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What It’s Like To Live With: Hypothyroidism

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Feb 26, 2021

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Image Credit: Hitesh Sonar for The Swaddle

What It’s Like to Live With explores the stories of people who see and experience every day a little differently.


I was going through a bunch of things. I found myself on this crazy rollercoaster, where I realized something was up, but I couldn’t pinpoint what it was. I was really depressed, and I used to wake up thinking, ‘What’s the point of living when everyone’s going to die anyway?’ It seemed like a perfectly rational question to me, and I didn’t know how to logically argue with it. I would cry in the shower every day. It was emotionally debilitating.

There was also a lot of random ringing in my ears. I had started struggling to form sentences — I would forget words. I couldn’t process things quickly; there was this mental fog. I was a management consultant, and my job really required me to think on my feet, but I felt everything was slowing me down.

I also started experiencing random vertigo, and I didn’t know what vertigo even was at the time. I remember leaving a movie theatre, and I had to come down a set of stairs, and I just couldn’t do it. I was not able to negotiate the descent.

Now, when I’m describing it in hindsight, it sounds like a list of symptoms, which can lead to a diagnosis when read together. But when all of this was happening, there was no chronological order, everything seemed random. So, I wasn’t really able to group them together, or connect them.

And somewhere, you’re conditioned to think that you’re supposed to go see a doctor for physical issues — but mental issues, you should just deal with yourself. You think you can just snap out of it. So until physical symptoms started appearing, I didn’t go see a doctor. I was suddenly losing a lot of hair. I started getting these blotches of dry skin. I put on some weight — that’s what prompted me to see someone about it.


Related on The Swaddle:

All You Need to Know About Hypothyroidism


Initially, the doctors attributed most of the symptoms to depression. But I was asked to get a thyroid test as well to check if there was an imbalance in the thyroid hormones. The results showed that my TSH (Thyroid-Stimulating Hormone) levels were elevated, but in the ‘grey zone’ — it wasn’t enough for a diagnosis, even though I seemed to have the clinical symptoms. So, they tried to understand if depression could still be at the root of it.

They would ask me if something had changed, or if I had gone through any particularly stressful situation recently. And I would rack my brain because I wanted to answer in the affirmative so that I could get a damn diagnosis, and begin treatments to put an end to the ordeal I was going through. But there were no significant changes or triggers I’d experienced — work was stressful, yes, but that wasn’t new; it had always been stressful.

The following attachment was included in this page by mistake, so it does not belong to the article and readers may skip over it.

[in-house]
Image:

While the first two doctors were hesitant, and understandably so, to treat me for hypothyroidism, the third doctor I consulted decided to treat it empirically based on his clinical experience. He said he had come across patients who only had slightly elevated levels of TSH, but experienced all the symptoms of hypothyroidism. He suggested we start with a small dosage of medicine and see if it addressed my symptoms. If it did, we’d know what their source was. I chose to go ahead with it — I was at the end of the line and pretty much willing to try anything, whatever the hell it may be.

I started the medication and some of the symptoms went away really quickly. The hair fall stopped, my skin stabilized, and my mood improved. I realize now just how much I had been struggling. Now, I have a baby and it’s been crazy with the lockdown — and even though it’s probably more stressful at present, I’m coping much better now than I did then.

Now, every four to five months, I have to do a test to check how my TSH levels are. Sometimes they change, and my medication has to be adjusted accordingly. During pregnancy, for instance, the doctor had to increase my dose. It is possible that the levels can stabilize in the future, and I can come off medication — but there’s no guarantee because we don’t know what caused the imbalance in the first place.


This interview has been condensed and edited for clarity. As told to Devrupa Rakshit.

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Written By Devrupa Rakshit

Devrupa Rakshit is an associate editor with The Swaddle. She is a lawyer by education, a poet by accident, and a painter by shaukh. She has her own podcast called #DateNightsWithD on Spotify. You can find her on Instagram @devruparakshit.

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